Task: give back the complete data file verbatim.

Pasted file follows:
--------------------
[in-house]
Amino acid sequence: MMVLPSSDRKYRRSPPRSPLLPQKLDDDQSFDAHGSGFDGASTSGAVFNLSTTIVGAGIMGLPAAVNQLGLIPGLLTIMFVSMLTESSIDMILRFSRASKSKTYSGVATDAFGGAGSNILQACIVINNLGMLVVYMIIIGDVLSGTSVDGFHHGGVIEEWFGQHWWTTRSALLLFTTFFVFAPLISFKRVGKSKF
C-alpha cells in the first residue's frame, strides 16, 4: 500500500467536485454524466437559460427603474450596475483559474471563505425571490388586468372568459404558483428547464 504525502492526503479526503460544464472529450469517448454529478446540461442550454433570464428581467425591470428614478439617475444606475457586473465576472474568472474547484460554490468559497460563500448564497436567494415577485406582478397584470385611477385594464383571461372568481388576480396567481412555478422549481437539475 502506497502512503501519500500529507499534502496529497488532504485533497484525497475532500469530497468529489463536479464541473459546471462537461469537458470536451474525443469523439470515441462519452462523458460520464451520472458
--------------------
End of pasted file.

[in-house]
Amino acid sequence: MMVLPSSDRKYRRSPPRSPLLPQKLDDDQSFDAHGSGFDGASTSGAVFNLSTTIVGAGIMGLPAAVNQLGLIPGLLTIMFVSMLTESSIDMILRFSRASKSKTYSGVATDAFGGAGSNILQACIVINNLGMLVVYMIIIGDVLSGTSVDGFHHGGVIEEWFGQHWWTTRSALLLFTTFFVFAPLISFKRVGKSKF
C-alpha cells in the first residue's frame, strides 16, 4: 500500500467536485454524466437559460427603474450596475483559474471563505425571490388586468372568459404558483428547464 504525502492526503479526503460544464472529450469517448454529478446540461442550454433570464428581467425591470428614478439617475444606475457586473465576472474568472474547484460554490468559497460563500448564497436567494415577485406582478397584470385611477385594464383571461372568481388576480396567481412555478422549481437539475 502506497502512503501519500500529507499534502496529497488532504485533497484525497475532500469530497468529489463536479464541473459546471462537461469537458470536451474525443469523439470515441462519452462523458460520464451520472458